(Exeunt BUCKINGHAM and SOMERSET. Suffolk, the new-made duke that rules the roast, Sal. Pride went before, ambition follows him. • Hath given the duchies of Anjou and Maine • While these do labour for their own preferment, * Unto the poor king Reignier, whose large style • Behooves it us to labour for the realm.

Agrees not with the leanness of his purse." ' I never saw but Humphrey duke of Gloster

* Sul. Now, by the death of him that died for all, Did bear him like a noble gentleman. * These counties were the keys of Normandy: • Oft have I seen the haughty cardinalBut wherefore weeps Warwick, my valiant son ? More like a soldier, than a man o' the church,

War. For grief, that they are past recovery: ' As stout, and proud, as he were lord of all, • For, were there hope to conquer them again, ' Swear like a ruffian, and demean himself • My'sword should 'shed hot blood, mine eyes no • Unlike the ruler of a common-weal.tears.

Warwick, my son, the comfort of my ago! • Anjou and Maine! myself did win them both; Thy deeds, thy plainness, and thy house-keeping, • Those provinces these arms of mine did conquer : • Hath won the greatest favour of the commons, • And are the cities, that I got with wounds, · Excepting none but good duke Humphrey. • Deliver'd up again with peaceful words 73 ' And, brother York,' thy acts in Ireland, " Mort Dieu !

intended in wounds and words. In the old play 'he jin i This speech crowded with so many circumstances gle is different. And must that then which we won of aggravation.

with our swords, be given away with words? 2 King Reignier, her father, for all his long style, had 4 Richard Plantagenet, duke of York, marrier Cicely, wo short a purse to sen daughter honourably to the the daughter of Ralf Neville, earl of Westmoreland, by king her spouse.-Holinshed.

Joan, daughter to John of Gaun, duke of Lancaster, by 3 The indignation of Warwick is natnral, but might his third wise, dame Catharine Swinford. Richard Ne. bave been botter expressed : there is a kind of jingle / ville,earl of Salisbury, was son to the eartof Westmore


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• In bringing them to civil discipline;'

SCENE II. The same. A Room in the Duke of • Thy late exploits, done in the heart of France, Gloster's House. Enter GLOSTER and the • When thou wert regent for our sovereign,

Duchess. • Have made thee foar'd, and honour'd, of the Duch. Why droops my lord, like over-ripen'd corn, people :

Hanging the head át Céres' plenieous load? • Join we together, for the public good;

* Why doth the great Duke Humphrey knit his • In what we can to bridle and suppress

brows, The pride of Suffolk, and the cardinal,

* As frowning at the favours of the world ? « With Somerset's and Buckingham's ambition; Why are thine eyes fix'd to the sullen earth, • And, as we may, cherish Duke Humphrey's deeds, * Gazing on that which seems to dim thy sight! • While they do tend the profit of the land. • What seest thou there? King Henry's diadem,

* War. Sú God help Warwick, as he loves the land, * Enchas'd with all the honours of the world ? * And common protit of his country! * York. And so says York, for he hath greatest | * Unulthy head' be circled with the same.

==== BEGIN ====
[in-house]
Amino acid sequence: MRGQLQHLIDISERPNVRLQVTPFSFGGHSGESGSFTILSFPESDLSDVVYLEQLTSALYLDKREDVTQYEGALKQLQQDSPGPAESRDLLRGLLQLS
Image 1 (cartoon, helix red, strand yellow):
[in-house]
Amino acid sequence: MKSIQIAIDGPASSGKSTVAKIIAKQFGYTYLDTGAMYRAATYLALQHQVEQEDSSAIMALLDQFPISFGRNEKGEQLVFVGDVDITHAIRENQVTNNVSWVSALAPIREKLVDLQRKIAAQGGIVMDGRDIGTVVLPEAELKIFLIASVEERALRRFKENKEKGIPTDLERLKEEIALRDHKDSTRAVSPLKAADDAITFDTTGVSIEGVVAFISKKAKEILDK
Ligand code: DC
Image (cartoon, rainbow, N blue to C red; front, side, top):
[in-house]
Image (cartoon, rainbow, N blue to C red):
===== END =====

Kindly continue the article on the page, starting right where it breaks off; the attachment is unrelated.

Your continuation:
* If so, gaze on, and grovel on thy face,

• Put forth thy hand, reach at the glorious gold :Sal. Then let's make haste away, and look unto • What, is't too short? I'll lengthen it with mine: the main.

* And having both together heav'd it up, War. Unto the main! O father, Maine is lost;

* We'll both together lift our heads to heaven; That Maine, which by main force Warwick did win, * And never more abase our sight so low, * And would have kept, so long as breath did last: * As to vouchsafe one glance unto the ground. Main chance, father, you meant; but I meant

· Glo. O Nell, sweet Nell, if thou dost love thy Maine ;

lord, Which I will win from France, or else be slain. • Banish the canker of ambitious thoughts :

(Eseunt Warwick and SALISBURY. * And may that thought, when I imagine il! York. Anjou and Maine are given to the French; * Against my king and nephew, virious Henry * Paris is lost; the state of Normandy

* Be my last breathing in this mortal world! * Stands on a tickle” point, now they are gone : • My troublous dream ihis night doth make me sad. * Suffolk concluded on the articles;

Duch. What dream'd my lord ? tell me, and I'll * The peers agreed; and Henry, was well pleas'd,

requite it * To change two dukedoms for a duke's fair daughter. With sweet rehearsal of my morning's dream. * I cannot blame them all; What is't to them?

Glo Methought, this staff, mine office-badge in * 'Tis thine they give away, and not their own.

court, * Pirates inay make cheap pennyworths of their Was broke in twain, by whom, I have forgot, pillage,

. But, as I think, it was by the cardinal; * And purchase friends, and give to courtesans, And on the pieces of the broken wand * Still revelling, like lords, till all be gone : • Were plac'd the heads of Edmond duke of Som* While-as the silly owner of the goods

erset, * Weeps over them, and wrings his hapless hands, And William de la Poole, first duke of Suffolk. * And shakes his head, and trembling siands aloof, * While all is shar'd, and all is borne away;

• This was my dream; what doth it bole, God

knows. * Ready to starve, and dare not touch his own.

· Duch. Tut, this was nothing but an argument, * So York must sit, and fret, and bite his tongue, That he that breaks a stick of Gloster's grove, * While his own lands are bargain'd for, and sold. * Shall lose his head for his presumption. * Methinks, the realms of England, France, and